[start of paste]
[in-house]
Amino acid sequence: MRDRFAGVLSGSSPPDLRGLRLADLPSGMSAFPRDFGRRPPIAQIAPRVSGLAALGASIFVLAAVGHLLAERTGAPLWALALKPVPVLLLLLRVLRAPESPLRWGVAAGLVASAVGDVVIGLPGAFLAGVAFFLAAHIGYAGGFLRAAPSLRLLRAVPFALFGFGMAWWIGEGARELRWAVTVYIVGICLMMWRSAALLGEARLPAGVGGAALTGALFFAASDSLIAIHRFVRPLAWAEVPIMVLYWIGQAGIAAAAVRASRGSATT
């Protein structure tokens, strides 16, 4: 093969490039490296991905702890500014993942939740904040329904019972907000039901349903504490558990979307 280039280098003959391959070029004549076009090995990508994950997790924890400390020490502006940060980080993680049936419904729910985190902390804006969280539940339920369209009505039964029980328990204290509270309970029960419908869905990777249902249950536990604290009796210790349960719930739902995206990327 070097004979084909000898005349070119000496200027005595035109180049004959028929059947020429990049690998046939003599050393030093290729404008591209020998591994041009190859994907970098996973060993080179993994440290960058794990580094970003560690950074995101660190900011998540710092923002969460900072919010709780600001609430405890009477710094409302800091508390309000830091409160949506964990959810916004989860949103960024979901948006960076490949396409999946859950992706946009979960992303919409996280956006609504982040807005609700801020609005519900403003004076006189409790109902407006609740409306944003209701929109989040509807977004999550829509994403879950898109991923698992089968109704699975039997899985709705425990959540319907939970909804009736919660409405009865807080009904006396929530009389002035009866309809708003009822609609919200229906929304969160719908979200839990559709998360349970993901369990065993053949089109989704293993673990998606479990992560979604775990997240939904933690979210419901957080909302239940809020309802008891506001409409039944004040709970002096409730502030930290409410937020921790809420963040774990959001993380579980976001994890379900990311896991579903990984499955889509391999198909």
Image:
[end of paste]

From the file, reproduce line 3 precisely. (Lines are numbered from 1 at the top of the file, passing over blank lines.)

């Protein structure tokens, strides 16, 4: 093969490039490296991905702890500014993942939740904040329904019972907000039901349903504490558990979307 280039280098003959391959070029004549076009090995990508994950997790924890400390020490502006940060980080993680049936419904729910985190902390804006969280539940339920369209009505039964029980328990204290509270309970029960419908869905990777249902249950536990604290009796210790349960719930739902995206990327 070097004979084909000898005349070119000496200027005595035109180049004959028929059947020429990049690998046939003599050393030093290729404008591209020998591994041009190859994907970098996973060993080179993994440290960058794990580094970003560690950074995101660190900011998540710092923002969460900072919010709780600001609430405890009477710094409302800091508390309000830091409160949506964990959810916004989860949103960024979901948006960076490949396409999946859950992706946009979960992303919409996280956006609504982040807005609700801020609005519900403003004076006189409790109902407006609740409306944003209701929109989040509807977004999550829509994403879950898109991923698992089968109704699975039997899985709705425990959540319907939970909804009736919660409405009865807080009904006396929530009389002035009866309809708003009822609609919200229906929304969160719908979200839990559709998360349970993901369990065993053949089109989704293993673990998606479990992560979604775990997240939904933690979210419901957080909302239940809020309802008891506001409409039944004040709970002096409730502030930290409410937020921790809420963040774990959001993380579980976001994890379900990311896991579903990984499955889509391999198909």